HOW-TO Use our library
All Swift MX messages are identified by a code id and a name. The code id looks like
FIToFICstmrCdtTrf and is located in the
.xsd file describing the XML schema of the current message. The name of the message is more descriptive and looks like
FIToFICustomerCreditTransfer. Both the name and the code id of the message are available in the Swift MX messages catalogue.
For every Swift MX message there is an equivalent class. The name of the class is identical to the name of the message. For example the name of the class for the message named
There are three steps the user must follow in order to build a new Swift MX message:
- Initialize the class corresponding to the message.
- Add data to the class.
- Validate the message.
Initialize the class corresponding to the message
The initialization of the class is as simple as initializing any class in Java. For the example message we are using here (
CustomerCreditTransferInitiation) the initialization would be
Message message = new CustomerCreditTransferInitiation();
The above command will initialize a class for this message named
CustomerCreditTransferInitiation which is initially empty.
Parsing a file
Message message = new CustomerCreditTransferInitiation(); message.parseAndValidate(new File("/path/to/pain.001.001.03.xml"));
Add data to the class
The next step is to add data to the new message. In order to add some data to the message, user must know which element in the message tree he wants to add. The element he wants to add is identified by an XML path. The value of the element user wants to add may be a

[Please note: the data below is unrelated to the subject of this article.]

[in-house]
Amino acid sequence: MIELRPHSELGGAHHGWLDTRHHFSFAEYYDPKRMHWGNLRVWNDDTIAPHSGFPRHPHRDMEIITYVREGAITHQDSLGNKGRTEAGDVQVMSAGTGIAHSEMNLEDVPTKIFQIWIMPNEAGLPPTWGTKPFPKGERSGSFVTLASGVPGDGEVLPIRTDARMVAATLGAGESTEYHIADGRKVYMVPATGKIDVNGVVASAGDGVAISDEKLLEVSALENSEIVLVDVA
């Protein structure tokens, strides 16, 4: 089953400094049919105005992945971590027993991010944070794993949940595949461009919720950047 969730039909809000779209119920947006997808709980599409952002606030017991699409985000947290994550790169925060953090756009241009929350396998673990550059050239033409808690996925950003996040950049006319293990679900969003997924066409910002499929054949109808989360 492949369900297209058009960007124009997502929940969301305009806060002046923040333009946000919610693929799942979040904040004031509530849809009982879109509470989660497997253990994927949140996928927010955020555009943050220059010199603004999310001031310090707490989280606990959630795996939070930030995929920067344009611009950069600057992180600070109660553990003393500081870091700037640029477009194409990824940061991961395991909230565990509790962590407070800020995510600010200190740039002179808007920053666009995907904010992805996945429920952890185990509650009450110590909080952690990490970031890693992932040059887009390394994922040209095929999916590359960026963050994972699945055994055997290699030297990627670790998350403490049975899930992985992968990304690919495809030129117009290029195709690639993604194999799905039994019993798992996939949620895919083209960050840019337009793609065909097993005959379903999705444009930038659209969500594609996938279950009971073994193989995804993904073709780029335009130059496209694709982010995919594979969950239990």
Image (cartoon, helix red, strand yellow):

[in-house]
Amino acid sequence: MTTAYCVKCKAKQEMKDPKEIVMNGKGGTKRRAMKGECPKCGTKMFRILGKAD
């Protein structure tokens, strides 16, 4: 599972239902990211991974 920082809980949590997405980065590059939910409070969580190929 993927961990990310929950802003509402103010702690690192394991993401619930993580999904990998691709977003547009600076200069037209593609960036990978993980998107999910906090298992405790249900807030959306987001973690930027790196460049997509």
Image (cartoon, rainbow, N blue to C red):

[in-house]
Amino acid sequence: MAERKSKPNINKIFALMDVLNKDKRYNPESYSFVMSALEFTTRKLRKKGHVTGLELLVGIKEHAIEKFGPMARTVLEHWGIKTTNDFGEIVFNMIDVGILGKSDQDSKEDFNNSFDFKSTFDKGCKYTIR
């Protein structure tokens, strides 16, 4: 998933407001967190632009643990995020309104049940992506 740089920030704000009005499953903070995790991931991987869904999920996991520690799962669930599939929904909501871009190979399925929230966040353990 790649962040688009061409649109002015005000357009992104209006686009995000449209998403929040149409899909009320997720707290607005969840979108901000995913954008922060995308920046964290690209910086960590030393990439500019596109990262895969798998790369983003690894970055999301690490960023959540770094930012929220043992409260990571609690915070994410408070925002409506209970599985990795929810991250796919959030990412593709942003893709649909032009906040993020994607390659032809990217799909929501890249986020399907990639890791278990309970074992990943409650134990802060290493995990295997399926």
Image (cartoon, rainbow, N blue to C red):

Boolean or a complex type that is described in the SWIFT MX type catalog.
So to enter some data into the message, user must call the following method of the previously instantiated object
Where the path argument is a
String identifying the element to add and the value argument is an
User can also work with the XSD defined classes that represent a tag. e.g.
Validate the message
After building a Swift MX message using the appropriate class, user may want to validate this message. Of course validation is not mandatory but is the only way to prove that the message is correct. Validation is performed by calling the
validate() method and internally is a two step process:
- Validation against the schema of the message in order to ensure that the message is a well formed instance of it.
- Validation against any Validation Rule as described for that message by the SEPA rules.
To perform those two levels of validation user must call the following method:
ValidationErrorList errorList = message.validate();
validate() method performs two level validation on the message and returns an
ArrayList containing the validation errors that may occur. Each error is contained in the
ArrayList as a
ValidationError object describing the error.
Working with the demo
Our demo distribution comes with support for parsing/building/validating
pacs.002 messages. You can use our demo and see how our library works. The same code (with the equivalent classes and methods) is used for the other messages too.
In case you need to handle CBPR+ messages, then you need to handle objects of
The demo web application showcases some of the functionalities of our MX libraries.
Paste or build your own message or select one of the predefines. The demo application lets you:
- parse text to message objects
- validate messages and see validation errors
- generate a sample PDF report